FP TrendingJul 25, 2020 20:33:46 IST
The National Aeronautics and Space Administration (NASA) is gearing up to send a 2.5 meter (8.4 foot) telescope into the stratosphere aboard a balloon of the size of a football stadium. The ASTHROS (Astrophysics Stratospheric Telescope for High Spectral Resolution Observations at Submillimeter-wavelengths) is scheduled to be launched in December of 2023 from Antarctica.
According to an article by NASA’s Jet Propulsion Laboratory (JPL), which will be managing the mission, the telescope will be placed in the outer atmosphere to observe light wavelengths that are “blocked” by Earth’s atmosphere. It will be able to observe light with wavelengths that are “much longer” than what we humans can see.
ASTHROS will be stationed at a height of 1,30,000 feet, which is “roughly four times higher than commercial airliners fly”, to study the far-infrared light that is not visible to the human eye. The altitude is still very low to the boundary of space.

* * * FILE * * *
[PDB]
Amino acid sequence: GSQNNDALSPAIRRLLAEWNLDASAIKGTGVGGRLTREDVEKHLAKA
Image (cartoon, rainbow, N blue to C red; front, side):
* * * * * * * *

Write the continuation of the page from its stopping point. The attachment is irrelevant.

The payload of the observatory is going to include the telescope, science instruments, and certain subsystems like the cooling and electronic system. By early August, JPL engineers will begin integration and testing of subsystems. It was only recently that the team completed the design for the telescope’s payload.
“Balloon missions like ASTHROS are higher-risk than space missions but yield high-rewards at modest cost,” said JPL engineer Jose Siles, who is also the project manager for ASTHROS.
He added that this ambitious mission is aiming to successfully conduct “astrophysics observations” that have never been attempted before. “The mission will pave the way for future space missions by testing new technologies and providing training for the next generation of engineers and scientists.”
The mission will “measure the motion and speed of gas around newly formed stars” and will have four major targets. It will observe two regions in the Milky Way where stars are born and the telescope will also “map the presence” of two types of nitrogen ions that reveal the places where “winds” from supernova explosions have “reshaped” the gas clouds “within these star-forming regions”.
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